Various Artists

The Ultimate 50's and 60's Rockin' Horror Disc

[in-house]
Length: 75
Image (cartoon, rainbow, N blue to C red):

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Is Ultimate 50's and 60's Rockin' Horror Disc really the ultimate '50s and '60s rockin' horror disc? No, considering it's missing well-known classics of the genre, like Bobby "Boris" Pickett's "Monster Mash," Screamin' Jay Hawkins' "I Put a Spell on You," and Jumpin' Gene Simmons' "Haunted House." But for a compilation of obscure mid-'50s-to-mid-'60s songs that mixed rock & roll with horror novelty lyrics and sounds, it does a pretty good job. And these 20 items are indeed obscure -- LaVern Baker (with "Voodoo Voodoo") is the only famous artist, though avid rock & roll fans will recognize a few of the others, like Bunker Hill and Kip Tyler. As tunes go, they're usually nothing to shout about, often confining themselves to stock basic early rock & roll progressions and arrangements, though sometimes with the ominous minor-key patterns common to monster-movie soundtracks. It's the vocals, lyrics, and sound effects that are the chief sources of merriment, even if it's more dated, silly camp kitsch than imaginative satire, complete with Dracula impersonations, ghostly backup vocals, ghoulish giggles, and smoldering saxophones aplenty. Sometimes it gets over-the-top bizarre, with the boy and girl voices of Gary "Spider" Webb's "The Cave, Pt. 1" and "The Cave, Pt. 2" wandering around each other as they get lost in a batcave, throbbing bass, spooky guitar reverb, and jazzy hipster drums supplying the ambience. And there are a few numbers that are clearly in the mold of "Monster Mash," particularly Mann Drake's "Vampires Ball" and Lou Chaney's "Monster Holiday." Most of the time, though, it's rather wholesomely giddy romps through the lands of monsters, cemeteries, and ghosts, about as scary as a Halloween costume, but about as fun to put on. Although virtually everything here is indeed from the '50s and '60s (though it would have been nice if original release dates were included), it does include a solitary piece of '80s horror-rock revivalism, Lee Kristofferson's "Night of the Werewolf."

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